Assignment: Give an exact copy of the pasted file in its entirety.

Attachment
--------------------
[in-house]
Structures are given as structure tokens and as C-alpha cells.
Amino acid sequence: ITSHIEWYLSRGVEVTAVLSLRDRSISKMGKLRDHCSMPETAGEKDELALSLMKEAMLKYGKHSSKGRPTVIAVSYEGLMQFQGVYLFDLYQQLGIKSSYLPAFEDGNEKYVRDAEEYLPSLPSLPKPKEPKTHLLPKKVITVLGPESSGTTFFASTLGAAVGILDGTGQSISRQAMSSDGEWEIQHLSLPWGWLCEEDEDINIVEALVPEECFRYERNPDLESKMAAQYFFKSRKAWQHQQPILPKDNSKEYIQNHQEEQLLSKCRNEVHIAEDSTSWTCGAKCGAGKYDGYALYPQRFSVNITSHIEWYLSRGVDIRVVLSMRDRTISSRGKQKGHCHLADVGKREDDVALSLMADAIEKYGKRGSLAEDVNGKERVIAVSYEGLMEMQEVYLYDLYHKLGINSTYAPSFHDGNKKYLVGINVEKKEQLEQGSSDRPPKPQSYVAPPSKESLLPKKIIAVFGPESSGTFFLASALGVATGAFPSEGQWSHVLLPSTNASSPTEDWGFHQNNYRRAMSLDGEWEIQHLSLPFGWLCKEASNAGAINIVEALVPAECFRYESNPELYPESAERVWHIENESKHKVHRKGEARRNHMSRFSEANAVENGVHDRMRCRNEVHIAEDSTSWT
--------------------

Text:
[in-house]
Structures are given as structure tokens and as C-alpha cells.
Amino acid sequence: ITSHIEWYLSRGVEVTAVLSLRDRSISKMGKLRDHCSMPETAGEKDELALSLMKEAMLKYGKHSSKGRPTVIAVSYEGLMQFQGVYLFDLYQQLGIKSSYLPAFEDGNEKYVRDAEEYLPSLPSLPKPKEPKTHLLPKKVITVLGPESSGTTFFASTLGAAVGILDGTGQSISRQAMSSDGEWEIQHLSLPWGWLCEEDEDINIVEALVPEECFRYERNPDLESKMAAQYFFKSRKAWQHQQPILPKDNSKEYIQNHQEEQLLSKCRNEVHIAEDSTSWTCGAKCGAGKYDGYALYPQRFSVNITSHIEWYLSRGVDIRVVLSMRDRTISSRGKQKGHCHLADVGKREDDVALSLMADAIEKYGKRGSLAEDVNGKERVIAVSYEGLMEMQEVYLYDLYHKLGINSTYAPSFHDGNKKYLVGINVEKKEQLEQGSSDRPPKPQSYVAPPSKESLLPKKIIAVFGPESSGTFFLASALGVATGAFPSEGQWSHVLLPSTNASSPTEDWGFHQNNYRRAMSLDGEWEIQHLSLPFGWLCKEASNAGAINIVEALVPAECFRYESNPELYPESAERVWHIENESKHKVHRKGEARRNHMSRFSEANAVENGVHDRMRCRNEVHIAEDSTSWT